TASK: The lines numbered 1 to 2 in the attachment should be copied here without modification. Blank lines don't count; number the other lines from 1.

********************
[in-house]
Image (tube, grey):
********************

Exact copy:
[in-house]
Image (tube, grey):